I like Fareed Zakaria’s writing and thinking, but his column in Thursday’s Time magazine shows that he’s been awfully slow to recognize what’s been happening in the past 20 years in the Republican party. He writes:
. . .right now any discussion of government involvement in the economy — even to build vital infrastructure — is impossible because it is a cardinal tenet of the new conservatism that such involvement is always and forever bad.
I don’t know what he uses as a starting point for the “new conservatism,” but if he thinks it’s happened within the past two years he’s wrong. I suggest that it began during the Clinton Administration, when the Republican party forced deregulation of financial markets on a somewhat-willing President and his advisers, when the party began to espouse school vouchers and privatization of public education, and when it began to hamstring agencies like the FDA and the EPA.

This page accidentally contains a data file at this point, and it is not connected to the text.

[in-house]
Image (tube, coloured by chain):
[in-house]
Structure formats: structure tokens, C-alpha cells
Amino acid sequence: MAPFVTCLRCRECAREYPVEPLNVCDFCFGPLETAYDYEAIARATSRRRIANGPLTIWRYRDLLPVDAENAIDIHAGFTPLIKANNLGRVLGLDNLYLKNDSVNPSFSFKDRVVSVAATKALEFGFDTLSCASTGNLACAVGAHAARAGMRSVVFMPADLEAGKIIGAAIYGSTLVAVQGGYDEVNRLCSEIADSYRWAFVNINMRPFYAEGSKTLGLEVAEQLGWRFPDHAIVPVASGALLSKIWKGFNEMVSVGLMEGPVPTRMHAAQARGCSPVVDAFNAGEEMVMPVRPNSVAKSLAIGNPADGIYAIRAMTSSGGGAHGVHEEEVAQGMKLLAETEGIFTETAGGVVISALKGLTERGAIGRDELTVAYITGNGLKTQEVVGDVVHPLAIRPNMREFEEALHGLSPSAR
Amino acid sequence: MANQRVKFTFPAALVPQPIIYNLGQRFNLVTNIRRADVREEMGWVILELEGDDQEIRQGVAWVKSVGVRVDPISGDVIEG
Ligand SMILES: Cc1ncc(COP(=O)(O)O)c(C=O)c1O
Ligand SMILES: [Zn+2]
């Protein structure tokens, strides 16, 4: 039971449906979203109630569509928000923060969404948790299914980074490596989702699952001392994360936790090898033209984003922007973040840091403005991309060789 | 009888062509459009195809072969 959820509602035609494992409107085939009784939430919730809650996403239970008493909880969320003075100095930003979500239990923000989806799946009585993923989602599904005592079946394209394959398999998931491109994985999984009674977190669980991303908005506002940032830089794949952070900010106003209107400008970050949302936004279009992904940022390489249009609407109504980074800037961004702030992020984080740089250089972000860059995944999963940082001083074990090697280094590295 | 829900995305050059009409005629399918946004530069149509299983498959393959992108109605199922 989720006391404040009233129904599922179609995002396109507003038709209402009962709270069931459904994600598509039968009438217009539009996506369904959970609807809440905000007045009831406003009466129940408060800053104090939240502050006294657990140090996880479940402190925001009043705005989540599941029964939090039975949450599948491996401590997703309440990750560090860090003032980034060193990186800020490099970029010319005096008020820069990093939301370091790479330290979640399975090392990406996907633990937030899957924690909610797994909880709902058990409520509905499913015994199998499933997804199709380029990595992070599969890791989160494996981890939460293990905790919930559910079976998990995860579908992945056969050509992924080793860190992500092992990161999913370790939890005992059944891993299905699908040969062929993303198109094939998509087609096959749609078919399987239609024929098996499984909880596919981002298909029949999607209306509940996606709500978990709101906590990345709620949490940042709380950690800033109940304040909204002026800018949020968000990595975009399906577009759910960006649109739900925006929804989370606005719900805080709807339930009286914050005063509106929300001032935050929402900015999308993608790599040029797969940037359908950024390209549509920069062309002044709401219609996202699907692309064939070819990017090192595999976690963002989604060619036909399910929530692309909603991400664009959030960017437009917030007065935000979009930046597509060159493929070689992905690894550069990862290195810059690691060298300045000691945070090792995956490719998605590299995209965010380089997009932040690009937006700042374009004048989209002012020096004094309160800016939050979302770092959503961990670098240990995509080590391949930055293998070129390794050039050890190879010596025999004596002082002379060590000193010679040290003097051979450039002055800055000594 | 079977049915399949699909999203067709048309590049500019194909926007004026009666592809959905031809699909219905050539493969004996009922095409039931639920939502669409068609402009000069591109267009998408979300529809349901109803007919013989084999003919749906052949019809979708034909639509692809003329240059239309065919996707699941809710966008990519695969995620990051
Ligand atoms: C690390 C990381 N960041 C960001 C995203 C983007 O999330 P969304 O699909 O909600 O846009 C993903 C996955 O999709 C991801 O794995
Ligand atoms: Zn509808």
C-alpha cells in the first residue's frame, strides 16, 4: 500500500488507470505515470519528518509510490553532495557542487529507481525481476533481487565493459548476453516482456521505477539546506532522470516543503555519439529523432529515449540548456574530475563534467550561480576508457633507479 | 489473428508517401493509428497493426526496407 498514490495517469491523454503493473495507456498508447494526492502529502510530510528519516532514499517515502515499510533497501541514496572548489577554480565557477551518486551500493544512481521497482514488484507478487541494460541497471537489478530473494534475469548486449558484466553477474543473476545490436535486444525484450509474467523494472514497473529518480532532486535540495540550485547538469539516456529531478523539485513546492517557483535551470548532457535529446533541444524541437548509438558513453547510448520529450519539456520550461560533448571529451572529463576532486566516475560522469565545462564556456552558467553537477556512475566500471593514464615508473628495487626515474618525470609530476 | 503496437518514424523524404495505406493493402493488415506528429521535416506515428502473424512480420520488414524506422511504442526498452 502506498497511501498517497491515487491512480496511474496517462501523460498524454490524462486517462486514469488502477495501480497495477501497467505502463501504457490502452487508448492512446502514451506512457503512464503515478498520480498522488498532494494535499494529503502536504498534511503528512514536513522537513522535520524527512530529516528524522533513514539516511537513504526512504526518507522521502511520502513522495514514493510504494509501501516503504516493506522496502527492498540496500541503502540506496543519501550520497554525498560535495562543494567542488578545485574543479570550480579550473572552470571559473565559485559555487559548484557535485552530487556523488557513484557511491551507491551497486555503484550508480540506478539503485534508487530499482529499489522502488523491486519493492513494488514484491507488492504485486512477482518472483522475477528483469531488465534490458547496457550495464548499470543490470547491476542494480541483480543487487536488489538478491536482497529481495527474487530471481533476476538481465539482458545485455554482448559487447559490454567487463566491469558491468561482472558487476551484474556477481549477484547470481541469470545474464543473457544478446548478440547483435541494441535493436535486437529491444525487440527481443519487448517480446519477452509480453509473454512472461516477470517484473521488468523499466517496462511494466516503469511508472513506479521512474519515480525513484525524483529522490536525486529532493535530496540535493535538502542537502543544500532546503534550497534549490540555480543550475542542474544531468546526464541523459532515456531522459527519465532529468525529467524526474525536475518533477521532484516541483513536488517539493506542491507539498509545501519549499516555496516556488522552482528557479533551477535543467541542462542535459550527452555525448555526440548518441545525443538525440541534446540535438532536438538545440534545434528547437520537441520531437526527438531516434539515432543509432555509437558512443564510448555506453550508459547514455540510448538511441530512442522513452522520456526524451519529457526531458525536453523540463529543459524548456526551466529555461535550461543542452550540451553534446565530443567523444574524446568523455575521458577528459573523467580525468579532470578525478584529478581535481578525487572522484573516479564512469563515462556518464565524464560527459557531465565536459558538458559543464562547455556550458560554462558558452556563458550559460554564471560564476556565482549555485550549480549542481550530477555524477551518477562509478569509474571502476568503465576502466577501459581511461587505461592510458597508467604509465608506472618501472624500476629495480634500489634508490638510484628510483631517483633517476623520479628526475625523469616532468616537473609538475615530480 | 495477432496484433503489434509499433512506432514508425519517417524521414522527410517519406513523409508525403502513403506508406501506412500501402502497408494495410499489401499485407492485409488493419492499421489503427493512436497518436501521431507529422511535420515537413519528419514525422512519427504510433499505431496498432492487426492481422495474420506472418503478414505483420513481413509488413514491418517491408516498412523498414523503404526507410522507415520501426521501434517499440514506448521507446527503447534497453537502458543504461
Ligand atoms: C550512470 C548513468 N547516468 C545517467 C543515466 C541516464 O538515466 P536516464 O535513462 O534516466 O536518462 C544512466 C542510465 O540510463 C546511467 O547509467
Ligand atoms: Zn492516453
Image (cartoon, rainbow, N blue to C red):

We need conservative ideas to modernize the U.S. economy and reform American government. But what we have instead are policies that don’t reform but just cut and starve government — a strategy that pays little attention to history or best practices from around the world and is based instead on a theory. It turns out that conservatives are the woolly-headed professors after all.
I dispute his assessment that we need conservative ideas. They have mostly been proven to be detrimental to the common good.
Update: Barry Ritholtz has additional thoughts about this column. He’s less charitable toward Zakaria than am I.